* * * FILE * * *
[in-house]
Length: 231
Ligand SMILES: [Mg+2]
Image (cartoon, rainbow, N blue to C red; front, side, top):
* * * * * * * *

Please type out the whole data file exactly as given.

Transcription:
[in-house]
Length: 231
Ligand SMILES: [Mg+2]
Image (cartoon, rainbow, N blue to C red; front, side, top):